Take Comfort from Comfort Food

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Bad days happen to all. Sometimes we wake up, and within the first hour or so, we know it’s going to be a bad day. When something or even nothing has made us angry, frustrated, disappointed, or sad. 

And when we’re sad, we tend to crave food that makes us feel good……

And that was exactly how I felt  last Monday when I found out that I have lost one of my friends.  I was feeling so sad and my mood was very low and suddenly I was craving for my comfort food……..

Why Craving Comfort Food?

Comfort food is a specific food consumed under a specific situation to obtain psychological comfort.  When we are sad, we crave for comfort food to overcome our feelings. One reason food is comforting is that some comfort foods like sweet treats or savory snacks contained sugar and/or fat that give us a fast “bump of euphoria” and makes us feel good. 

While each of us may look for a comfort food when we are either sad or happy, we are more likely to eat more of it when we are sad, Professor Wansink said. The craving for comfort food is definitely linked to sad feelings.

We all have our own version of comfort food. Some prefer sweet treats like candy, chocolate bar, ice cream, pudding while some others prefer savory snacks or different types of soup, and many others.

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What actually defines “comfort food”?

An article on comfort food mentioned that perhaps an easier way to get to the heart of the meaning of comfort food is to find out what comfort food is not.

Comfort food is definitely not “healthy food” and so far, I’ve never heard that someone’s idea of comfort was a salad with low-calorie or low-fat dressing.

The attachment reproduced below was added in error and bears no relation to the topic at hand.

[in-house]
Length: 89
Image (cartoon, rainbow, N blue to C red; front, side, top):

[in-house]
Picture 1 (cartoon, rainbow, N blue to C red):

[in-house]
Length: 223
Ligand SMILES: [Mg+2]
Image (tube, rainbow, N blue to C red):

In fact, most comfort foods are rich in fat or salt or MSG or sugar. Also, comfort food is not necessarily expensive: when I need comfort, I don’t look for foie gras or wagyu steak or caviar. Generally, comfort food is simple yet tasty.

Comfort Food and My Childhood Memories

According to an article in Psychology Today, people link comfort foods with happy memories, people they love, or feelings they want to recapture. It’s not the food itself that provides comfort,  it’s the feelings that the food stimulates. If our mom always fed us homemade soup or freshly baked brownies when we were ill or upset, then we’ll be craving comfort foods when we’re sad…….

I can agree with that. When I was a kid, I was a sickly type of a kid. Almost every month I got sick and when I was sick, I usually did not want to eat my meal. This made my Mom worried so she gave me the privilege of choosing what I would like to have for my meal. 

One of my favorite meals when I got sick was my Mom’s special pork rib soup. During that time, the price of pork ribs were rather expensive and economically my parents were not in a good shape but my Mom would cooked me the pork rib soup. That’s why it was a truly special comfort food for me that even now, many many years later, I still crave for it.   

And that is the whole point of comfort food. The main term is not “food” but rather “comfort.” It evokes our memories — and brings us back to an experience of something good and exceptional.

For me, it is the experience of being in bed and sick, and being taken care of by my Mom as she brought me my warm pork rib soup. So comfort food actually doesn’t merely feed us, it nourishes our soul.

And here is my Mom’s recipe of my comfort food:

Pork-Rib Soup with Pickled-Green-Mustard (*)


  • 225 gram pickled green mustard leaves, soaked in water
  • 2 tablespoons vegetable oil
  • 5 garlic cloves, finely sliced
  • 1 liter chicken stock
  • 500 gram pork ribs, cut into large chunks
  • 30 ml fish sauce
  • pinch of sugar
  • freshly ground black pepper 


  • Cut the pickled mustard leaves into bite-size pieces. Taste to check the seasoning. If they are too salty, then soak them for a little bit longer.
  • Heat the oil in a small frying pan, add the garlic and stir-fry until golden. Transfer the mixture to a bowl and set aside.
  • Put the stock in a saucepan, bring to the boil, then add the pork and simmer gently for 30 minutes
  • Add the pickled mustard leaves. Bring back to the boil. Season to taste with fish sauce, sugar and freshly ground black pepper.
  • Serve warm 

In some Chinese restaurant in the city where I live, this pork rib soup often served in pair with barbequed pork:


  • Wikipedia
  • suite101.com
  • petitchef.com
  • Psychology Today
  • Articles on Comfort Food 

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